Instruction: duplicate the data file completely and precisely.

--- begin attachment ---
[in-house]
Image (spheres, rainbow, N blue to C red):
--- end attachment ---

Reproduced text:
[in-house]
Image (spheres, rainbow, N blue to C red):